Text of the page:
As a result, relatively little time was spent discussing what should be the central task of organizers-helping workers build, from the bottom up, organizations capable of winning better conditions through sustained workplace activity.

As Booth noted, accomplishing this task on a large scale is impossible without far greater rank-and-file involvement. “What we need,” he said, “is an army, and that can only come from our vast underutilized membership ranks” via “a massive internal campaign to motivate and activate.”

There was, however, scant public acknowledgment at the summit that the intensity of worker support for the labor movement is greatly affected by its overall functioning-not just the zealous door-knocking of young organizing staffers.

Corruption scandals, contract concessions, strike defeats (like the Teamsters’ recent disaster at Overnite), undemocratic internal practices, and shop floor lethargy can leave existing members little enthused about recruiting new ones, and potential recruits much harder to sign up.

In his plenary speech, Raynor actually referred to union democracy as “one of our faults”-a troublesome instrument of obstruction employed by foes of coordinated bargaining, organizing, or restructuring.

The summit tried to step up AFL-CIO efforts to hold politicians accountable for their positions on workers’ rights. To encourage public officials to follow the example of Minnesota’s late pro-labor Senator Paul Wellstone, President John Sweeney presented several awards in Wellstone’s memory. One went to Howard Dean, former governor of Vermont, for backing a successful AFT drive among 1,000 Burlington nurses.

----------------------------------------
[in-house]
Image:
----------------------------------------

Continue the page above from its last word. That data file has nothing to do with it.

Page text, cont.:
A recently declared presidential candidate, Dean was escorted to the podium by three leaders of the RNs’ campaign, probably the largest group of rank-and-filers present. But just a few weeks earlier, a fundraising event for Dean had been picketed by health care workers.

The workers, members of SEIU Local 285, were protesting the co-sponsors of Dean’s fundraiser, nursing home owners Gerald and Elaine Schuster, two wealthy Democratic Party funders who are close friends of the Clintons and aggressive foes of the local’s organizing.

Local 285 has been seeking for more than four years to have the couple ostracized within Democratic circles for their union-busting. But, in a dramatic illustration of the divided loyalties of many so-called “friends of labor,” quite a few pols have balked at severing their ties with such important donors.

By the night of Dean’s award at the summit, behind-the-scenes pressure from the AFL-CIO had apparently succeeded in persuading him to return any donation from the Schusters (although this has yet to be confirmed in writing).

“We don’t demand enough from politicians in return for union support,” said California AFSCME organizer Craig Merrilees at the summit. “We need to force them to get more directly involved in workplaces disputes-on our side. And we should start distinguishing between the ones who are just ‘friends” and those who really are part of the union ‘family.’”


The AFL-CIO’s campaign to generate greater public support for organizing-called “Voice@Work”-has been losing steam. Several large affiliates involved in the summit-led by SEIU and the Teamsters-have lately been promoting a new consultant-designed proposal, known as Rights at Work (RAW), to supplement federation efforts in this area.